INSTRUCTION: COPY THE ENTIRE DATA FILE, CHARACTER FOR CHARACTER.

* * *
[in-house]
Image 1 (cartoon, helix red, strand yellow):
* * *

[in-house]
Image 1 (cartoon, helix red, strand yellow):